‘We have seen a trend towards cross-collecting in multiple disciplines,’ says CEO Patrick van Maris of the change. ‘In the past, collectors were more static, focusing on a specialism, or a certain period. Nowadays they are mixing styles with the tendency to strive for the best pieces.’

Jose Zanine Caldas (1919-2001), ‘Cadeira do Rei’ armchair, circa 1980. Courtesy François Laffanour — Galerie Downtown

Jose Zanine Caldas (1919-2001), ‘Cadeira do Rei’ armchair, circa 1980. Courtesy François Laffanour — Galerie Downtown

Design dealer François Laffanour, who will show work by Brazilian designer Jose Zanine Caldas and Charlotte Perriand among others, believes the wide variety of exhibitors and collectors in attendance is the main attribute of TEFAF Maastricht. ‘Through this diversity you can meet new collectors who you would never meet in a design-only fair,’ he says.

Songye Kifwebe mask, late 19th to early 20th century. Democratic Republic of Congo. Courtesy of Galerie Didier Claes

Songye Kifwebe mask, late 19th to early 20th century. Democratic Republic of Congo. Courtesy of Galerie Didier Claes

Tribal-art dealer Didier Claes, who will be showing a magnificent Songye Kifwebe mask, agrees: ‘The new placement makes more sense to us. The design and contemporary art collectors are possible targets to us and I think these changes have been a long time timing. This mask is a true exception in this category and reminds us of modern and contemporary art.’

The new and improved vetting procedure

A longstanding commitment to ensure the finest works appear in Maastricht, combined with TEFAF’s international expansion, has led the fair to revise its vetting procedure. Academics, curators, conservators, conservation scientists and independent scholars will now be used at the expense of those experts with commercial interests.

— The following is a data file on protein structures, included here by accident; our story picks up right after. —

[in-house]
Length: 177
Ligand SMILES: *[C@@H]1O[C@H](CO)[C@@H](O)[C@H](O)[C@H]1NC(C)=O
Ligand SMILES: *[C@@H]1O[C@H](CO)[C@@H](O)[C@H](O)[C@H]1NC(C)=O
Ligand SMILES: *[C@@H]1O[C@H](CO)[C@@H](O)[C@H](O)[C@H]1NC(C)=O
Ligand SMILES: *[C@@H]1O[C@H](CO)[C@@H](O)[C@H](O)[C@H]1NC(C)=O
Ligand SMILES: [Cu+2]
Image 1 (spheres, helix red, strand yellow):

‘As our organisation has grown as a global structure, it made sense for use to look at these procedures and make sure they were standardised,’ says Nanne Dekking, Chairman of the TEFAF Board of Trustees.

‘It is now TEFAF’s global policy to remove commercial interest from the vetting procedures… For me, provenance and authenticity have always been important for the international art world; what we are seeing now is a growth in demand for proof of such highly valued concepts. Collectors and buyers are savvy and are justified in interrogating the provenance and authenticity of a work of art.’

Maester of the Acquavella Still Life (alias Bartolomeo Cavarozzi), Still Life of Fruit with Three Figures of Children (Allegory of Autumn). Oil on canvas. 73.5 x 144 cm. Courtesy Robilant + Voena

Maester of the Acquavella Still Life (alias Bartolomeo Cavarozzi), Still Life of Fruit with Three Figures of Children (Allegory of Autumn). Oil on canvas. 73.5 x 144 cm. Courtesy Robilant + Voena

The significance of both can be seen in the careful reassessment of one of the highlights shown by picture dealer Robilant + Voena. Still Life of Fruit with Three Figures of Children (Allegory of Autumn) was previously ascribed to the 17th-century Italian school, but the gallery, working with leading scholar of Caravaggesque paintings Cristina Terzaghi, have reattributed it to Bartolomeo Cavarozzi (1587-1625).

The value of establishing this level of authenticity has always been of ‘great importance’, maintains Director Benedict Tomlinson. ‘The reputation of a dealer can be swiftly curtailed should there be any question as to the veracity of the authenticity. With the advance in technologies for the decoding and analysing of artworks there will be both greater demand for watertight authentication as well as the ability to provide just that.’